[xv] Semenza and Menne, „Climate change and infectious diseases in Europe“.
[xvi] S. A. Florescu et al., „Plasmodium vivax malaria in a Romanian traveller returning from Greece, August 2011“,Eurosurveillance 16, Nr. 35 (September 1, 2011): pii=19954.
[xvii] WHO,Guidelines on prevention of the reintroduction of malaria (Cairo, Egypt: World Health Organization, Regional Office for the Eastern Mediterranean, 2007), http://applications.emro.who.int/dsaf/dsa743.pdf.
[xviii] Shlomit Paz and Iris Albersheim, „Influence of Warming Tendency onCulex pipiens Population Abundance and on the Probability of West Nile Fever Outbreaks (Israeli Case Study: 2001–2005)“,EcoHealth 5, Nr. 1 (Februar 12, 2008): 40–48, doi:10.1007/s10393-007-0150-0; Semenza and Menne, „Climate change and infectious diseases in Europe“; Shlomit Paz, „West Nile Virus Eruptions in Summer 2010 – What Is the Possible Linkage with Climate Change?“, inNational Security and Human Health Implications of Climate Change, ed. H. J. S. Fernando, Z. Klaić, and J.L. McCulley (Dordrecht: Springer Netherlands, 2012), 253–260, http://www.springerlink.com/index/10.1007/978-94-007-2430-3_21.
[xix] Paul D. Ready, „Leishmaniasis emergence in Europe“,Eurosurveillance 15, Nr. 10 (März 11, 2010): pii=19505.
[xx] Michele Maroli et al., „The northward spread of leishmaniasis in Italy: evidence from retrospective and ongoing studies on the canine reservoir and phlebotomine vectors“,Tropical Medicine & International Health 13, Nr. 2 (Februar 26, 2008): 256–264, doi:10.1111/j.1365-3156.2007.01998.x.
[xxi] Jaenson and Lindgren, „The range ofIxodes ricinus and the risk of contracting Lyme borreliosis will increase northwards when the vegetation period becomes longer“.
[xxii] Semenza and Menne, „Climate change and infectious diseases in Europe“.
[xxiii] Jolyon M Medlock et al., „Analysis of the potential for survival and seasonal activity ofAedes albopictus (Diptera: Culicidae) in the United Kingdom“,Journal of Vector Ecology 31, Nr. 2 (Dezember 2006): 292–304; David Roiz et al., „Climatic factors driving invasion of the tiger mosquito (Aedes albopictus) into new areas of Trentino, northern Italy“,Public Library of Science ONE 6, Nr. 4 (April 15, 2011): e14800, doi:10.1371/journal.pone.0014800.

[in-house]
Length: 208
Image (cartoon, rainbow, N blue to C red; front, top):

[xxiv] Dominik Fischer et al., „Projection of climatic suitability forAedes albopictus Skuse (Culicidae) in Europe under climate change conditions“,Global and Planetary Change 78, Nr. 1–2 (Juli 2011): 54–64, doi:10.1016/j.gloplacha.2011.05.008.
[xxv] Rémi N Charrel, Xavier de Lamballerie, and Didier Raoult, „Seasonality of mosquitoes and chikungunya in Italy“,The Lancet Infectious Diseases 8, Nr. 1 (Januar 2008): 5–6, doi:10.1016/S1473-3099(07)70296-7.
[xxvi] P. Gale et al., „Assessing the impact of climate change on vector-borne viruses in the EU through the elicitation of expert opinion“,Epidemiology and Infection 138, Nr. 02 (Juli 7, 2009): 214, doi:10.1017/S0950268809990367; E.A. Gould and S. Higgs, „Impact of climate change and other factors on emerging arbovirus diseases“,Transactions of the Royal Society of Tropical Medicine and Hygiene 103, Nr. 2 (Februar 2009): 109–121, doi:10.1016/j.trstmh.2008.07.025.
[xxvii] Dominik Fischer et al., „Combining climatic projections and dispersal ability: A method for estimating the responses of sandfly vector species to climate change“,Public Library of Science, Neglected Tropical Diseases 5, Nr. 11 (November 29, 2011): e1407, doi:10.1371/journal.pntd.0001407.
provided by European Centre for Disease Prevention and Control (ECDC)
European distribution of Borrelia burgdorferi in questing I. ricinus ticks
provided by University of Zaragoza